Jobs and Steps
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The document provides an overview of CircleCI jobs and steps.
A CircleCI job is a collection of steps. All of the steps in the job are executed in a single unit, either within a fresh container, or a virtual machine. Jobs are orchestrated using workflows.
The following diagram illustrates how data flows between jobs:
- Workspaces persist data between jobs in a single workflow.
- Caching persists data between the same job in different workflows runs.
- Artifacts persist data after a workflow has finished.
Note: The job names shown in this diagram are just examples, you can name your jobs whatever you want.
Jobs can be run in docker containers, using the Docker executor, or in virtual machines using the
machine executor, with linux, macOS or Windows images. Secondary containers or VMs can be configured to attach services, such as databases, to run alongside your jobs.
When using the Docker executor, images listed under the
docker key specify the containers you want to start for your job. Any public Docker images can be used with the Docker executor, but CircleCI provides convenience images for a variety of use-cases. Full lists of available convenience and VM images are available in the CircleCI Developer Hub.
See the Introduction to Execution Environments document for a comparison of the different executor types, and links to further information for each option.
Steps are collections of executable commands, which are run during a job. The
checkout: key is required under
steps to checkout your code and the
run: key enables addition of arbitrary, multi-line shell command scripting. In addition to the
run: key, keys for
add_ssh_keys are nested under Steps. For a full list of step options see the Configuration Reference Steps Key.
Passing parameters to jobs
Using parameters allows you to run a single job multiple times for different scenarios, such as different package versions or execution environments. An extension of this functionality is matrix jobs. Below is a basic example of passing a parameter to a job when it is run.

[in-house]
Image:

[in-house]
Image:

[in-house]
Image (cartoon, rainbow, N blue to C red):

version: 2.1 jobs: print-a-message: docker: - image: cimg/base:2022.03 auth: username: mydockerhub-user password: $DOCKERHUB_PASSWORD # context / project UI env-var reference parameters: message: type: string steps: - run: echo << parameters.message >> workflows: my-workflow: jobs: - print-a-message: message: Hello!
Using a job from an orb
Orbs are packages or reusable configuration that you can use in your projects. Orbs usually contain commands that you can use in your jobs, and whole jobs that you can schedule in your workflows. Take the Slack orb as an example. This orb provides a job called
on-hold, which you can use in your workflows. This job pauses the workflow to require manual approval, and sends a slack notification. To use this job, just reference it in your workflow (see line 10):
version: 2.1 orbs: slack: email@example.com workflows: on-hold-example: jobs: - my_test_job - slack/on-hold: context: slack-secrets requires: - my_test_job - pause_workflow: requires: - my_test_job - slack/on-hold type: approval - my_deploy_job: requires: - pause_workflow
Using a command from an orb in a job
Using the Slack orb as an example again, this orb includes a command called
notify, which is used to notify a specified slack channel. You can reference this command in your job as follows (see line 16):
Note: This example also uses the node orb.
version: 2.1 orbs: node: 'circleci/node:4.1' slack: firstname.lastname@example.org jobs: deploy: executor: name: node/default steps: - checkout - node/install-packages - run: command: npm run deploy - slack/notify: channel: ABCXYZ event: fail template: basic_fail_1 workflows: deploy_and_notify: jobs: - deploy: context: slack-secrets
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